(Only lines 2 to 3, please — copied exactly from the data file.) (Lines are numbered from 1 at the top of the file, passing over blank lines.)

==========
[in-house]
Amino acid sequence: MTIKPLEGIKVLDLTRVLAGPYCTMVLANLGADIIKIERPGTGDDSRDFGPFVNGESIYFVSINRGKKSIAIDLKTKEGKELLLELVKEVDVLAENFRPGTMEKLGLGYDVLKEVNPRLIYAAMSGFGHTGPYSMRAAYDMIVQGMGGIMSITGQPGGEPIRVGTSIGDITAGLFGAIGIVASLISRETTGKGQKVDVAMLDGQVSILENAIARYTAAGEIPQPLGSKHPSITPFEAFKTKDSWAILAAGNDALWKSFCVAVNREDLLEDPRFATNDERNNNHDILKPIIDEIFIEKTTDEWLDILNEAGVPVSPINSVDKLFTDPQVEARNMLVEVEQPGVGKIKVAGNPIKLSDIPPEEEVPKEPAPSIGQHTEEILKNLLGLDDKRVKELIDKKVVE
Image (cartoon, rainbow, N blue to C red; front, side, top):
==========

Amino acid sequence: MTIKPLEGIKVLDLTRVLAGPYCTMVLANLGADIIKIERPGTGDDSRDFGPFVNGESIYFVSINRGKKSIAIDLKTKEGKELLLELVKEVDVLAENFRPGTMEKLGLGYDVLKEVNPRLIYAAMSGFGHTGPYSMRAAYDMIVQGMGGIMSITGQPGGEPIRVGTSIGDITAGLFGAIGIVASLISRETTGKGQKVDVAMLDGQVSILENAIARYTAAGEIPQPLGSKHPSITPFEAFKTKDSWAILAAGNDALWKSFCVAVNREDLLEDPRFATNDERNNNHDILKPIIDEIFIEKTTDEWLDILNEAGVPVSPINSVDKLFTDPQVEARNMLVEVEQPGVGKIKVAGNPIKLSDIPPEEEVPKEPAPSIGQHTEEILKNLLGLDDKRVKELIDKKVVE
Image (cartoon, rainbow, N blue to C red; front, side, top):